Time for Questions:

I really cannot think of any.

Life is just beginning. 

Sometimes, it seems like it just keeps repeating itself.

 

 

 

 

 

 

December 29th, 2014

We have 3 kerry roper time waits for no mandays to contemplate the year of 2014 before we begin a New Year.  Perhaps, it might be useful to think of the time we have lost in arguments, grudges, misunderstandings and not wanting to say “I am sorry.”  We go on with feuds and squabbles and time keeps fleeing.  We think that perhaps we can make up for lost time, but making up for lost time can be bittersweet at best and at worst an impossibility.  Time waits for no one.  (Forgiveness song by Matthew West)

“Yesterday is gone. Tomorrow has not yet come.  fWe have only today. Let us begin.”  ― Mother Teresa

I have a daughter who has not talked to me for many years now.  I think of the time that has gone by and how we could have spent it together doing things we could never have afforded to do when she was younger.  I think of how as adults we could and should have become good friends with talks by the fireplace and walking in the woods.  She is over forty now and I am nearing 70 and the clock keeps ticking and ticking.  I think of the minutes, hours, days, weeks, months and years that keep moving on by, each moment lost forever to us as this blanket of silence and anonymity shrouds our lives.

“They say time heals all wounds, but that presumes the source of the grief is finite”  ― Cassandra Clare

time_waits_for_no_man___tattoo_design_by_mortar_girl-d67o35cTime is lost forever, or can it be made up?  What if she suddenly decided that she wanted to have a relationship with me?  Could we make up the lost time?  If we started today to try to get to know each other; imagine the events that have changed our lives, the places we have been to, the books we have read, the movies we have seen, the funerals and weddings we have been to, the jobs and careers we have changed, the grandchildren we have helped raise.  So much that has changed each of us.  Could be ever bridge the gulf that now separates us?  Would it be possible to be close to each other or even love each other?

“Unfortunately, the clock is ticking, the hours are going by. The past increases, the future recedes.  Possibilities decreasing, regrets mounting.”    ― Haruki Murakami

It is difficult to imagine making up lost time, nevertheless, few of us would not try if given the opportunity.  It is an opportunity full of promise but also anguish.   We think we can go back to where we wanted to be years ago but while we are trying to make up the lost time, forgive1we feel anger at the waste of time that could and should have been prevented.  It might be water under the dam, but it will always seem like a useless expenditure of time and energy.  I have known brothers and sisters, parents and siblings and former friends who did not talk to each other for over fifty years.  Unfortunately, some of them died and there went any possibility to make up for lost time.  There are no guarantees in life and if you choose to waste time or lose time, perhaps you will never be able to make it up.  It might be too late when you finally realize your mistake and ask yourself WHY?  You will be left with regrets about what might or could or should have been.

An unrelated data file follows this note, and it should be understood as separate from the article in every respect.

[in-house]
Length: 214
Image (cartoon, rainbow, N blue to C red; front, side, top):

“Any time not spent on love is wasted.”   ― Torquato Tasso

Perhaps you have no control over your lost time.  Time spent in jail, time spent recovering from an accident, and time spent in a relationship that was wrong may all constitute lost time.  Lost time is time away from ForgiveHeart-Jessica_Keylife that could have been lived much differently.  It is time that could have been spent more productively and happily.  Can this time be made up?  Better to not lose it in the first place.  But if you have lost it, then do your best to get on with your life.  Live each day the best you can.  As they say with money, don’t throw good money after bad.  Do not throw good time after bad.  The lost time is over and you have the rest of your life to live.  If you can live each day the best you can, you will be able to put the lost time behind you and perhaps even forget it someday.  Then again, maybe the time that was lost was a lesson and you needed to hear the message it was sending.  A good friend of mine was fond of saying: “There are no mistakes in life only lessons to be learned.”  I think of this comment often.  It is a good lesson to remember.

Time for Questions:

Do you have any lost time to make up?  Are you currently losing time that you should not be losing?  Have you thought about how you can stop losing this time? What can you do today to make it up?  What might you feel regrets about someday if you do not change your life today?

Life is just beginning.

Start now.  Don’t wait.  Tomorrow may never come.